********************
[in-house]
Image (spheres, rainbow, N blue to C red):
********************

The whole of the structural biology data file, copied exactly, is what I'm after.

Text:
[in-house]
Image (spheres, rainbow, N blue to C red):